In this section, we give an example. Consider the following table, representing a sample of 3, discrete-valued observations:. So we must sum over all these possibilities:. Here, i is the number of points strictly less than the median and k the number strictly greater. Using these preliminaries, it is possible to investigate the effect of sample size on the standard errors of the mean and median.
The observed mean is 3. The following table gives some comparison statistics. The expected value of the median falls slightly as sample size increases while, as would be expected, the standard errors of both the median and the mean are proportionate to the inverse square root of the sample size.
The asymptotic approximation errs on the side of caution by overestimating the standard error. The standard "delete one" jackknife method produces inconsistent results. The efficiency of the sample median, measured as the ratio of the variance of the mean to the variance of the median, depends on the sample size and on the underlying population distribution.
For univariate distributions that are symmetric about one median, the Hodges—Lehmann estimator is a robust and highly efficient estimator of the population median. If data are represented by a statistical model specifying a particular family of probability distributions , then estimates of the median can be obtained by fitting that family of probability distributions to the data and calculating the theoretical median of the fitted distribution. Previously, this article discussed the univariate median, when the sample or population had one-dimension.
When the dimension is two or higher, there are multiple concepts that extend the definition of the univariate median; each such multivariate median agrees with the univariate median when the dimension is exactly one. The marginal median is defined for vectors defined with respect to a fixed set of coordinates. A marginal median is defined to be the vector whose components are univariate medians. The marginal median is easy to compute, and its properties were studied by Puri and Sen.
In contrast to the marginal median, the geometric median is equivariant with respect to Euclidean similarity transformations such as translations and rotations. An alternative generalization of the median in higher dimensions is the centerpoint. When dealing with a discrete variable, it is sometimes useful to regard the observed values as being midpoints of underlying continuous intervals. An example of this is a Likert scale, on which opinions or preferences are expressed on a scale with a set number of possible responses.
If the scale consists of the positive integers, an observation of 3 might be regarded as representing the interval from 2. It is possible to estimate the median of the underlying variable.
But the interpolated median is somewhere between 2. In other words, we split up the interval width pro rata to the numbers of observations. For univariate distributions that are symmetric about one median, the Hodges—Lehmann estimator is a robust and highly efficient estimator of the population median; for non-symmetric distributions, the Hodges—Lehmann estimator is a robust and highly efficient estimator of the population pseudo-median , which is the median of a symmetrized distribution and which is close to the population median.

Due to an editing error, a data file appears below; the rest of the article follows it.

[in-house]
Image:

The Theil—Sen estimator is a method for robust linear regression based on finding medians of slopes. In the context of image processing of monochrome raster images there is a type of noise, known as the salt and pepper noise , when each pixel independently becomes black with some small probability or white with some small probability , and is unchanged otherwise with the probability close to 1.
In cluster analysis , the k-medians clustering algorithm provides a way of defining clusters, in which the criterion of maximising the distance between cluster-means that is used in k-means clustering , is replaced by maximising the distance between cluster-medians. This is a method of robust regression. The line could then be adjusted to fit the majority of the points in the data set. Nair and Shrivastava in suggested a similar idea but instead advocated dividing the sample into three equal parts before calculating the means of the subsamples.
Any mean -unbiased estimator minimizes the risk expected loss with respect to the squared-error loss function , as observed by Gauss. A median -unbiased estimator minimizes the risk with respect to the absolute-deviation loss function, as observed by Laplace. Other loss functions are used in statistical theory , particularly in robust statistics. The theory of median-unbiased estimators was revived by George W. Brown in . This requirement seems for most purposes to accomplish as much as the mean-unbiased requirement and has the additional property that it is invariant under one-to-one transformation.
Further properties of median-unbiased estimators have been reported. There are methods of constructing median-unbiased estimators that are optimal in a sense analogous to the minimum-variance property for mean-unbiased estimators.